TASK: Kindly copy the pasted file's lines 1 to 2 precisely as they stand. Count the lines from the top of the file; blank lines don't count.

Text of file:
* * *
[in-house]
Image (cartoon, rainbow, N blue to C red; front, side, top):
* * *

[in-house]
Image (cartoon, rainbow, N blue to C red; front, side, top):